From above, forests unroll like thick carpets of maple or pine. Beneath the leafy canopy, however, one might find ginseng root, mushrooms, blueberries, hazelnuts, floral greenery, or even ducks. For millennia, indigenous cultures thrived on sustainable tree-based agriculture, and today, mainstream Americans are embracing the tradition through forest farming.

In their book Farming the Woods, Ken Mudge ’80 PhD and Steve Gabriel offer a detailed look at multilayered, multipurpose forest production. A Cornell University professor specializing in agroforestry, Mudge says that healthy forests can produce a valuable range of food, medicinal, and other non-timber products. Coffee and chocolate, for example, are grown under the protective cover of tropical rainforests. Shade-loving ginseng root—selling for up to $600 per pound—is grown in U.S. forests, as are shiitake mushrooms, which are often cultivated on logs.

Forest farming is also a form of protective conservation, says Mudge, providing erosion control, nutrient recycling, shade, clean air and water, and wildlife habitat. Additionally, trees help buffer extreme temperature and weather events, an important consideration for forest management in the face of climate change.

Although Farming the Woods focuses on harvesting edibles like native pawpaw fruit and maple syrup from deciduous forests in upstate New York, the principles easily reach across the nation to the evergreens of the Pacific Northwest.

In Olympia, Washington State University Extension agent Jim Freed develops agroforestry practices with indigenous people around the world. He originally came to Washington to work with Christmas trees. “I got lots of questions about what people could do with their land besides watch the trees grow,” he says.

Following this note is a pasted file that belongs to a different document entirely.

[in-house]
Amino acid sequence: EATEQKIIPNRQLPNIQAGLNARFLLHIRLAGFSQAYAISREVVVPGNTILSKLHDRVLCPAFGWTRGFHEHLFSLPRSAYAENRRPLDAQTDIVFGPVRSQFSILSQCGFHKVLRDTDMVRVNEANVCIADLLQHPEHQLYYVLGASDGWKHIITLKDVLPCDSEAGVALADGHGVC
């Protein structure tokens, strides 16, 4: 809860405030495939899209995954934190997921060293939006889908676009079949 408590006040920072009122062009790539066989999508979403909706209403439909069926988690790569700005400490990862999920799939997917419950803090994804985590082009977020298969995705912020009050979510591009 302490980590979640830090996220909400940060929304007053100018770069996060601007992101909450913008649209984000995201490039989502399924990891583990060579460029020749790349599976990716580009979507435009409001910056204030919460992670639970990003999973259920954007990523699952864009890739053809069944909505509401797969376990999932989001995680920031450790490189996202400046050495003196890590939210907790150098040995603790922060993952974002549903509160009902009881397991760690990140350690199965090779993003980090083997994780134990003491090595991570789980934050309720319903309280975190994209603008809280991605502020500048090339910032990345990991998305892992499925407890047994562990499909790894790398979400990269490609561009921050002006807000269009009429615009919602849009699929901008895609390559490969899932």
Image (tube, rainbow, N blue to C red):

Today, Freed uses horticultural techniques to help landowners manage forest plants like huckleberry, bear grass, and salal, as part of Washington’s $60 million floral greenery industry. Organic Christmas trees and evergreens for holiday wreaths and centerpieces are also big business. “Over six million wreaths are made in Washington just from forest greenery,” he says. “We prune the trees to produce a sustainable crop.”

Native fruits and nuts are also in demand. “With wild blackberries, raspberries, and blueberries, we don’t need sprays, we just manage the overstory,” says Freed. He is currently developing local markets for pine nuts.

“Families are excited about this,” Freed says. “Cultivating nuts, berries, oyster mushrooms, and medicinal herbs like yarrow give people another reason for owning property in the country. Beyond producing food and preserving the environment, forest farming can be a type of mental health therapy. And for native populations, it’s about recapturing some of their culture.”


How to grow your own mushrooms

Learn how to grow oyster mushrooms on rolls of toilet paper, or buy mushroom growing kits.